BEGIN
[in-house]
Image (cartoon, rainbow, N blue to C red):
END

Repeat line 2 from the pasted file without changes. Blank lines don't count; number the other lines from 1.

Image (cartoon, rainbow, N blue to C red):